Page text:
Managing director of a Black Country alcohol factory has apologised for an accident which involved the factory bursting into flames, damaging homes and cars and subsequently forcing residents to flee for their lives.
This is the first time Alcohol Ltd’s Adam Wallis has spoken since the fire spread from the Crosswells Road factory on Monday and caused much destruction to people’s private properties in the surrounding area. One of the factory’s fifteen workers is being treated at Queen Elizabeth Hospital after suffering burns from being caught in the blaze.
Sixteen homes were destroyed by the fire; those affected have are living at a nearby hotel while their houses are being worked on. Mr Wallis spoke with nearby residents about the events of the fire.
On the matter he said –
“We are extremely sorry for the accident. But we have to work with the council, HSE and fire service to help them with the investigation, before we can comment further.”
He added: “We are working with the council on the clean-up. We want those who have been displaced to get back to their homes, in the safe and warm.”
Mr Wallis stated that the fire had begun in the factory’s living area, but could not say what happened after that –
“During the fire, we were at the site giving the fire service the professional guidance about the chemicals on site, to help them put out the fire.”
Mr Wallis has stressed that the fire alarms were activated when the fire began and that all the relevant health and safety measures were in place –
“We are taking the lead from the health and safety executive at the moment.”
40-Year-old Graham Vincent from died suddenly three weeks after being injured at work. Mr Vincent worked for South West Highways near Exeter. It is believed that the accident occurred when Mr Vincent had been working with a strimmer on a roadside border. He received medical treatment at the Royal Devon & Exeter Hospital. The father of three had been at his home in Kentisbeare allowing himself time to recover from the accident when he suddenly died on Saturday, November 24.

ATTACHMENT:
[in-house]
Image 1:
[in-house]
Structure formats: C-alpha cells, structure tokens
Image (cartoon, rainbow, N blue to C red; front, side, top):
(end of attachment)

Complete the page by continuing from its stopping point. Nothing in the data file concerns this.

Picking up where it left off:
A South West Highways spokesman has stated that theMr Vincent had been a friendly man and his death has saddened staff after having spent seven years at the company. He extended his condolences to Mr Vincent’s family. He then stated –
“SWH wishes to maintain an atmosphere of complete respect at this sad time and will not be making further comment to the press.”
The Health and Safety Executive has been informed about the incident and a spokesman stated –
“We are aware of the incident which was reported to us. We will be looking to decide whether it is suitable for investigation.”
Julie Anne Huddart, a 49 year old teaching assistant from Chorley, Lancashire, has been awarded £800,000 compensation after tripping and dislocating a finger at work. Ms Huddart’s accident occurred in 2003 when she was trying to move an empty wheelchair and she subsequently tripped over the waist strap.
The incident caused Ms Huddart to dislocate a finger and injure her elbow. Since then she has been diagnosed with ‘reflex sympathetic dystrophy’ which is a nervous system impairment that causes pain and swelling.
According to Ms Huddart’s solicitor, ever since the incident occurred and she has developed this condition she has been in continuous pain and the left side of her body’s movement has been restricted. She has been left dependent on the continual care of her husband.
Ms Huddart’s claim against her local authority for compensation took nine years to settle. Lancashire County Council then finally agreed this year, in an out of court settlement, to provide Ms Huddart with £800,000 in damages and £140,000 in legal costs. Lancashire County Council has stated that the maximum amount that they have had to provide is £100,000 and the rest of Ms Huddart’s settlement has been covered by the liability insurance of her employer.
Linda Mitchell, a 59 hospital worker who sustained injury in her neck and shoulders when pulling curtains around a patient’s bed at Belford Hospital, Fort William, has been awarded £50,000 in compensation. This compensation was provided following the accident which had subsequently rendered her unable to return to employment for the past four years. Ms Mitchell has stated that her injury was avoidable and would not have occurred if the hospital had acted on previous complaints made by herself and her fellow colleagues.
The health board of the hospital did not accept liability and claimed that no defects were present when they inspected the curtains. Nevertheless, the health board offered Ms Mitchell £25,000 compensation after the incident. However, this was rejected and then doubled following civil action. After her compensation was awarded, Ms Mitchell had this to say on the matter –
‘My case was dealt with quickly and easily and I was very happy with the outcome. If previous complaints about the faulty curtains hadn’t been ignored my accident could have been avoided.’
Ms Mitchell was busy at work in Belhaven Ward, ward two of the hospital when her accident from pulling the curtains occurred. The curtains were obstructed by a table with a television on top of it, so it was necessary for her to lean across it to pull the curtains. Unfortunately, her neck and shoulders were wrenched when the heavy-lined curtains jammed.
A spokeswoman for Ms Mitchell’s law firm said –
‘A number of her colleagues have confirmed that there were problems with the curtains prior to Linda’s accident. A staff nurse had advised that she had previously complained about the difficulty with the curtains and another nurse who advised that she had reported problems with the curtains.’
Mary Scanlon, Highland and Islands MSP said:
‘I hope it will be a lesson to NHS Highland to pay closer attention to complaints and health and safety issues.’